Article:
Of course, the focus is supposed to be on Naho and her perspective of things, plus this is a shoujo romance anime, so I wasn’t too surprised that Ueda ended up coming across as unsympathetic in order to push the supposed “true couple” together. It’s just disappointing to see, especially considering that we never really got to see much of her at all. Regardless of whether Ueda’s jealousy is a custom thing or not, I prefer to see romance stories (whether the actual romance actually succeeds or fails) to be carried by unique strengths and insecurities, and Ueda’s problems feel like something any fictional Japanese girl would feel in her situation. Hell, Kakeru’s contribution to the mess feels like what any fictional Japanese boy would do in his situation. He may be the most stable part of this whole affair, but that has less to do with his character and more to do with the fact that the author never really puts too much focus on him. We see him mostly through Naho’s eyes and even her friends get more of a perspective on him than he does on himself. But in a way, that sort of works in these characters’ favor because I could see them moving on to a new relationship that’s hopefully better for each somewhere down the line.
I can’t say the same for Naho, the person who we’ve been staying with the most and thus I’ve grown to learn about her far more than anyone else in this show. And based on that knowledge, I’d say she definitely should not even be in a relationship with Kakeru or anyone with the way she thinks right now (let’s ignore the fact she ends up marrying Suwa in the future for a bit). She might be happy for a month or two, but right now she’s still depending a bit too much on those letters from the future to guide her way rather than take things into her own hands, and she can’t even come through when she knows the future because of how it’s easier to see what you could have done in retrospect rather than actually doing it in the present. If I can’t trust her to take her life into her own hands with that sort of foreknowledge, how am I supposed to trust her to do that when she can no longer depend on them? At this point, she kind of reminds me of Kanae from 5 Centimeters Per Second, and whilst I don’t have the time at the moment to elaborate on that here, I want to say that I came out of that movie fully endorsing Kanae’s decision regarding her feelings for Takaki. After all, the dude got himself a girlfriend later on in that film, and look how that turned out.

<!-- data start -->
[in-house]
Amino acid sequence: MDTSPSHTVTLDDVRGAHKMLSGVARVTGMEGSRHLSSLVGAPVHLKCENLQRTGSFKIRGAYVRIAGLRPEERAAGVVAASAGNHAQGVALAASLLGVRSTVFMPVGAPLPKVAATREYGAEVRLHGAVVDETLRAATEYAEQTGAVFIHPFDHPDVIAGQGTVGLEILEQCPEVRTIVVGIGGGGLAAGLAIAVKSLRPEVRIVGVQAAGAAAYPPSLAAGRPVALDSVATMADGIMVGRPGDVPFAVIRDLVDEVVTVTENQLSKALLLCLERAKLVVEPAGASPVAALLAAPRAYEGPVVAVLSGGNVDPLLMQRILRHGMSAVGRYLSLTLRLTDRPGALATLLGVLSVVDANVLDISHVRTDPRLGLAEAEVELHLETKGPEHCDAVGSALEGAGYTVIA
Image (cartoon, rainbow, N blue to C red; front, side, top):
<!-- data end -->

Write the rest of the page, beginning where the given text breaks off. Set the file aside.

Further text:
It’s true that relationships can help people with emotional problems, but very rarely does the relationship last in the process (at least, not in a way that’s believable). If Naho does end up getting together with Kakeru or anyone as she is right now, I won’t be satisfied with any ending that doesn’t involve the relationship dissolving and her going on to marry Suwa in this timeline as well. Which I’d be fine with of course, because with the exceptions of Natsuyuki Rendezvous and Whisper of the Heart (which were all about the main couple overcoming their issues in order to be worthy of each other), all of my favorite romance anime have ended with the main couple not having a future together. But I’m not sure Orange’s main fanbase shares my opinion and whilst I could read the finished manga to see if that’s the case, I don’t fucking want to. There’s no way that’s going to benefit my watch of an anime that I’m still enjoying and at worst, it’ll either just cause my opinion to become as incredibly biased as the Parasyte/ERASED fans who already read the manga or make me lose interest in seeing what happens animated, like what happened with Monster. Besides, I’m still catching up on the One Piece manga right now, so no time!
But anyways, I’ll leave it to the future to decide my overall thoughts on Orange. Right now, all I can do is respect how things just didn’t work out for these characters this time. There were regrettable decisions on all ends that led to the fallout, but what’s done is done. Now let’s never bring it up again except when it’s being used to avoid the same mistakes when pursuing something new, shall we?
- So is anyone besides Suwa in Naho’s group ever going to be important? They’re likable (unlike a certain other group consisting of unimportant chuckle fucks) but I’m not blind to the fact that they have no role to fill other than the obligatory “large group of friends” all shoujo romances seem to have.
- I’ve been given to understand that people did not enjoy Episode 3 given that its MAL score is no longer in “8” territory as of this time of writing. Guess Ueda and/or Naho pissed more people off than I thought.